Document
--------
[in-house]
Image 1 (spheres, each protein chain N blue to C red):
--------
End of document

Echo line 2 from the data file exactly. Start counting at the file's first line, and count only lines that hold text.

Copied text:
Image 1 (spheres, each protein chain N blue to C red):